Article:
Legislating Under The Influence

Thank you Sen. Heller and Congressman Heck for voting against raising the debt ceiling today. Get well soon, Congressman Amodei.

But your colleagues continue to spend like drunken sailors.

No, that’s not true. All the drunken sailors I ever hung out with stopped spending when they ran out of cash.

When I was in high school, the national debt was about a tenth of what it was today.  People with common sense started questioning it, but they were shut down by the politicians, who referred critics to Maynard Keynes.

Keynes, those politicians assured us, advanced theories that supported wild-eyed politicians borrowing money against our children’s tax payments, in order to improve the economy. That’s what they taught in high school government classes then.

Today, the Internet lets us fact check our politicians. Here, for example, is a website devoted to Keynes, but there are many others.

Yes, Keynes theorized that government borrowing during a recession can help bring an economy back to life. But folks like Harry fail to read page two, where Keynes says once a government improves the economy, the government needs to PAY BACK THE DEBT from the tax proceeds that have been boosted by the successful deficit spending.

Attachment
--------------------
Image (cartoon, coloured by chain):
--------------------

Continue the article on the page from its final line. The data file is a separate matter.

It’s only common sense.

No one can tell if today’s majority of Congress continues to make our bad situation worse because they lack common sense, or deliberately seek an unsustainable government built on false promises of dependency.

It hurts to write that.

Every hundred million dollars the federal government borrows to make payroll makes the United States of America a little bit weaker on the national stage. Any of my clients who have borrowed to make payroll were completely defunct within six months.

Government can’t go broke, so it’s got to be fixed, painful as it’ll be. But we’ve got to fix it.

I want to do my part. I want to increase the population of Searchlight by two.

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